The reality of how things play out, however, is the following: it takes a little time for the processors and card brands to contact the hotel/resort after a breach has occurred–usually a month or two while they establish a common point of purchase (CPP). When they are contacted, there is very little education on the protocols as to how to address the breach, and in most cases they are requested to contact an authorized forensic company immediately to have the network  analyzed. Being that financial protocol calls for most hotels and resorts to obtain at least three bids from competing companies, this process can take some time to facilitate until a company is selected and engaged. Very often the forensic companies do not have the resources to come on site immediately and the forensic assessment may only occur a month (or more) after the initial breach was reported. All this time, the perpetrators continue to breach the network and cards continue to be compromised, much to the detriment of the organization and staff. Following the forensics’ onsite visit, it usually takes a minimum of three to four weeks to obtain the reports back indicating where the breach occurred and recommendations how to address the problem. This is in fact if they are able to locate the source of the problem–they conduct a scan and take images of the hard drives at a specific point in time, akin to a snapshot. There are instances where they will not be able to locate or identify the breach. The point being that if you follow protocol whereby you do not try to remediate the network or breach until the forensic report is issued, you could be allowing the bad guys to continue to compromise your guests’ credit cards and data for an extended period of time.

Outside the business issue that guests’ credit cards are potentially compromised during the period of the forensic analysis and assessment, there is also the issue of the fines and penalties that the card brands, processor and banks may elect to levy against the organization for the breach that has occurred. These fines and fees are usually linked to the overall number of cards that have been breached and the financial exposure to these entities. This does not take into account the increased exposure to potential law suits from individual guests and groups who have been compromised during the period of the breach. If you’re seeing a pattern here you are getting the picture. If a reactionary approach is taken to a breach, the more likely the damages and resulting costs are going to increase.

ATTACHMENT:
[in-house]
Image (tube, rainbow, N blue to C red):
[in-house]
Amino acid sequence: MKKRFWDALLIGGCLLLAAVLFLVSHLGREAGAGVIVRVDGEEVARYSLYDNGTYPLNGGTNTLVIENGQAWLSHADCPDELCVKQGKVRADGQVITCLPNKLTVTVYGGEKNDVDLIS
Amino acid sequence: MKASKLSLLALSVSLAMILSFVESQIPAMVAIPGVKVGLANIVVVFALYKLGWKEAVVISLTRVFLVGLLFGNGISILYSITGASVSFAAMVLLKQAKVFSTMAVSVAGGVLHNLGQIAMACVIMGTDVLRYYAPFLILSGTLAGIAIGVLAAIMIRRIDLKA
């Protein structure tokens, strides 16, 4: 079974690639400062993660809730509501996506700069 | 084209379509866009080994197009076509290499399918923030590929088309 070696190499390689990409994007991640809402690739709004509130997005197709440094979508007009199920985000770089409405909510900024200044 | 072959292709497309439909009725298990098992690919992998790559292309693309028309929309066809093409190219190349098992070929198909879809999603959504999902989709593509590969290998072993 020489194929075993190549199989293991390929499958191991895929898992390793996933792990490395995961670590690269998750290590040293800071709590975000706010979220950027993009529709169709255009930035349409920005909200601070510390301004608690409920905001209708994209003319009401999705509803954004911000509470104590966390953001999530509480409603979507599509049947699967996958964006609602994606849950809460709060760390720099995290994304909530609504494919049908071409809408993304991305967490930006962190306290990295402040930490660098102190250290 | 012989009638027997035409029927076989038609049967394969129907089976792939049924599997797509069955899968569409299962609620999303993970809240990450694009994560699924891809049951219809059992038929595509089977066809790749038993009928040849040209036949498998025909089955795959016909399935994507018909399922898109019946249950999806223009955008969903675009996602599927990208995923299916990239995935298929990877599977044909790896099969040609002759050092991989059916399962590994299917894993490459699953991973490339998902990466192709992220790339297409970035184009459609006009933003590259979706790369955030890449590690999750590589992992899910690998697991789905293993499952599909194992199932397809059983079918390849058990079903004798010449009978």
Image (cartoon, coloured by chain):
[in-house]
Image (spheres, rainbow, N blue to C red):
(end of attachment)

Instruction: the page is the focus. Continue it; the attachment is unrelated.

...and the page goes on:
Given these facts, it is recommended that you work with your processor to address your concerns and try to have your remediation team involved from the outset with the forensic team and possibly a certified QSA (recommended but may not be required) to obtain a compromise as it relates to addressing everyone’s interests. The sooner the remediation process can start, the sooner the breach can be contained which benefits everyone concerned.
Creating Checks and Balances
Another issue that is starting to emerge is one of the role of the qualified security assessor (QSA). QSAs provide an important role establishing and verifying PCI compliance. While they are usually not a part of the initial requirement from the processor, they can play an important role verifying the 12-step PCI compliance requirements and can assist in providing guidance on what is required to become compliant. If you speak with representatives of hotels that have been breached, they all say that while the PCI compliance standards point to specific issues affecting PCI compliance, the interpretation of how to achieve compliance varies between different QSAs–particularly when it comes to operational policies and procedures which can sometimes be subjective. For example, when do the potential requirements stifle the business operation to such an extent that it no longer becomes viable to conduct business? Part of this has to do with the ability for the QSA to translate the compliance requirement into an effective business operation. This is where choosing a QSA becomes extremely important and where hospitality experience really should be taken into account.